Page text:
In response to a request from the Moldovan authorities, an IMF mission led by Ms. Ivanna Vladkova-Hollar visited Chisinau from July 5 - 15, 2016, to hold discussions on a possible three-year arrangement under the IMF’s Extended Fund Facility and Extended Credit Facility (EFF/ECF), in the amount of about $180 million, to support the country’s economic reform program.
At the end of the visit, Ms. Vladkova-Hollar issued the following statement:
“The team held productive discussions with senior government and National Bank officials. It also met with members of parliament, representatives of the banking and private sectors, trade unions, donors, and civil society. Discussions focused on the outlook for growth, financial sector policies, the sustainability of public finances and structural reforms needed to improve the business climate and attract investments.”
“Staff and the authorities made significant progress on the negotiation of a new IMF arrangement, and discussions are well advanced. Agreements were reached in a number of critical areas, including on reforms to enhance governance and transparency in the banking sector, to ensure the financial sustainability of the energy sector and to achieve medium-term fiscal policy objectives."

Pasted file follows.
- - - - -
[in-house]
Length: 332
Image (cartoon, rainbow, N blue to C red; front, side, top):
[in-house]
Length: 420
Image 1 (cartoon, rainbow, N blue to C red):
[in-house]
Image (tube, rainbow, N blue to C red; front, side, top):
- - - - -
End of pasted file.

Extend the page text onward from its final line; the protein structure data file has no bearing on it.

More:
"Only a few issues remain outstanding and discussions will continue from Washington in the coming days.”
The communique issued by the IMF also outlines the current state of the Moldovan economy as follows:
The Moldovan economy is recovering from last year’s recession but the sources of growth are so far subdued. Following a contraction of 0.5 percent in 2015, economic activity expanded weakly in the first quarter of 2016, led by private consumption.
Inflation is declining and is likely to remain low. Aided by low import prices, the current account deficit is narrowing, but is expected to gradually adjust to its medium term level as growth recovers and reforms accelerate.
Financing constraints bind both on the execution of the 2016 budget and on private sector growth. Despite a 9.5 percent decline in the policy rate since January, credit growth has been stagnant. Restoring the capacity of the banking sector to expand credit to the productive
sectors of the economy will require quick progress in restoring good governance and instilling confidence in economic reforms.